This article is from the June 2005 issue of Dream of Italy. Updated 2018.
Olio & Convivium opened last year as the gastronomic atelier of Convivium Firenze, a catering company whose philosophy is the preservation and enhancement of ancient Tuscan and Florentine culinary traditions. Fittingly, its coat of arms is that of the 14th century-Guild of Oil Sellers and Grocers in Florence, a lion holding an olive tree branch in its claws. While it’s tempting to label Olio & Convivium a restaurant, in reality it is much more — equal parts gourmet shop, culinary learning center and eatery.
Florentine antiques dealer Riccardo Barthel did a phenomenal job giving Olio’s rooms a warm yet elegant feel using a compelling mix of antiques, wine bottles and food to decorate the space. Yes, the fresh produce and bottled delicacies are just as much part of the décor as part of the gourmet plates.
Olio serves excellent, moderately priced meals, but with just 10 tables, reservations are highly recommended. Daily specials appear on the large black chalkboard. One recent lunch menu included warm goat cheese salad, vegetable crespelle with pumpkin sauce and carmelized pears with vanilla ice cream. Olio’s famous selection of Tuscan olive oils (served with bread at the beginning of the meal) and wines are an essential part of any meal.
If you’d like to do more than just eat the fine food here, Olio is now offering cooking classes. One of the refreshing features of their instruction program is the price; a lesson – including the preparation of four courses, olive oil and wine tasting followed by dinner or lunch. Check the website for the latest pricing.
The classes hold up to 10 people and are held in a special demonstration kitchen. If there are only two or three students in the class, they are invited to learn hands on right in the restaurant’s kitchen. “It is like you are cooking with a little family,” one chef notes, explaining that students can learn to cook the specials of the day or choose their own menu.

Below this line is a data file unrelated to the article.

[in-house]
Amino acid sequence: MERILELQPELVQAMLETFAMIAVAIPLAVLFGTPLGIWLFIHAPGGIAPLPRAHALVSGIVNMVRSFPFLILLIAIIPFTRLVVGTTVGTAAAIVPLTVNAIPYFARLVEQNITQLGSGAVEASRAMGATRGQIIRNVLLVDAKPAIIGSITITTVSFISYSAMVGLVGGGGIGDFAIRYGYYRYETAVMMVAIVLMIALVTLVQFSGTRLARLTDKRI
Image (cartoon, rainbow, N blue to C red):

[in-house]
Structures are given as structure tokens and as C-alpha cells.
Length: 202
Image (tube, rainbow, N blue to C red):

In addition to cooking classes, Olio offers olive oil tastings at its extensive olive oil bar in the back room. Apparently, Olio is the only place in Italy where you can taste and buy so many oils — typically there are 60 at any given time, all from Tuscany, many of which cannot be found outside of Italy. Like wine, Tuscan oils are all about the terra (land), and tasting them side-by-side reveals their vast differences. Tasters learn that you cant tell if an oil is strong or light by its color; bites of apple between oils is a great cleanser; oils are poured into blue glasses so tasters can’t see the color; and anyone can learn to tell the difference between a supermarket oil and an artisanal oil.
Olio’s oils are generally not for cooking – they’re better for salads, sauces, pasta, dips, etc. – and among the most popular are Podere Forte and Villa Magra dei Franci. The oils that are also available in the U.S. are generally cheaper at Olio, and also are available in bottles of different sizes. And before you leave, stock up on some provisions for a picnic or gifts to take home — Olio’s front room is jammed with Tuscan culinary delights.
— Kathy McCabe and Barrie Kerper
Olio & Convivium
Via Santo Spirito, 4
(39) 055 2658198
Open Tuesday to Sunday from noon to 2:3o p.m. and 7 to 10:30 p.m. Closed Monday. Reservations required for cooking classes and olive oil tastings.